Holding. The Indiana Court of Appeals reversed the trial court, paving the way for a sheriff’s sale.

Policy/rationale. Owners first contended that Lender’s judgment ceased to exist because Lender did not “renew” the lien before the ten-year deadline. The Court reasoned that, while a judgment may be renewed, there is no legal requirement to do so. Lender’s course of action in Dugger was thus appropriate.

Owners’ second allegation was deception on the part of Lender when it requested the court to convert the 2009 judgment into an in rem judgment. However, the judgment had both in personam and in rem elements. When Joshua received his Ch. 7 BK discharge, the law eliminated only his personal liability under the loan. Lender’s right to collect against the mortgaged real estate still was enforceable. As such, Lender’s request to amend the judgment - which in my opinion probably was unnecessary - nevertheless did not constitute deception.

Related posts.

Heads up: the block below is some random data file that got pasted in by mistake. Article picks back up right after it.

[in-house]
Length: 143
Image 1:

I represent parties involved in disputes arising out of loans that are in default. If you need assistance with a similar matter, please call me at 317-639-6151 or email me at [email protected]. Also, don’t forget that you can follow me on Twitter @JohnDWaller or on LinkedIn, or you can subscribe to posts via RSS or email as noted on my home page.

In Indiana, Prejudgment Attachment Requires A Bond

Lesson. When considering the remedy of prejudgment attachment – i.e. freezing a defendant’s assets during the pendency of a lawsuit - make sure you evaluate the statutory bond requirement.

Case cite. Wayne Mfg. LLC v. Cold Headed Fasteners & Assemblies Inc., 2022 U.S. Dist. LEXIS 122685 (N.D. Ind. July 12 2022)